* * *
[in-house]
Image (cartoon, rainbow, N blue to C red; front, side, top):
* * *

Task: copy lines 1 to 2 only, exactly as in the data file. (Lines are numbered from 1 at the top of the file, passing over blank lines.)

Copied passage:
[in-house]
Image (cartoon, rainbow, N blue to C red; front, side, top):